The Good and the Bad from Chequers

Dave Olsen
5 min readJul 9, 2018

After a 12-hour-long meeting with Cabinet ministers at her country residence on Friday, Theresa May emerged with a view of the UK’s negotiating position on future arrangements with the EU. The plan includes a common market for free trade for agricultural and industrial goods, which is to be created by a common rulebook between the UK and the European trade bloc, and also sets out a framework in which EU migrants to the UK would be given special rights to enter.

The Prime Minister appears to have accomplished a number of objectives with regard to Brexit, politics, and her own party. For example, she has set out a plan to fulfil the manifesto commitment to leave the single market and customs union, in order to adhere to the ‘will of the people’. The plan also unites most of the Cabinet and the vast majority of her party, with Brexiteers such as Michael Gove and pro-European ministers such as Philip Hammond all backing the deal, with only a few exceptions (cough, Boris, cough). In fact, Theresa May appears to have done incredibly well, with Michael Gove seeming to back the idea of a Super Canada deal, but only shying away from requesting it due to its lack of viability in getting through Parliament. Perhaps most importantly, the plan sees the issue of the Northern Ireland border largely resolved, which was all the more crucial due to the government’s supply-and-confidence arrangement with the DUP in Parliament.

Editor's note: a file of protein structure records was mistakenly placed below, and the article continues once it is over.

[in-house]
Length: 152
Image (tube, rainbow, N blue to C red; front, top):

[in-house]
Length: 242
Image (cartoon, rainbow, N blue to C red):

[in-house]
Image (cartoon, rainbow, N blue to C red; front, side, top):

Particularly though, the meeting at Chequers, which, from accounts of Cabinet ministers, included huge debate and argument over the arrangement, revealed something rather interesting about Mrs May’s government, which has been missing from British politics for far too long.

Back in the days of Thatcher and Major, as well as most previous Prime Ministers, Cabinet was arguably as important as the Prime Minister, as the top job commanded its holder to listen to their team in order to make decisions. This concept was fuelled by the idea of collective Cabinet responsibility, another idea that has been AWOL for too long. However, first Blair turned the system into a more presidential one, in which the only people he listened to were his aides, then Brown and Cameron continued this, and seemingly destroyed Cabinet democracy and conviction politics for good.

However, as of late, Cabinet-based politics and proper collective responsibility have appeared to at least somewhat make a return. Due to the weakness of the government, the Prime Minister has been forced…

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Dave Olsen

Political and policy analysis | Operations Director, politika.org.uk | Student, University of Oxford | twitter.com/dave_olsen16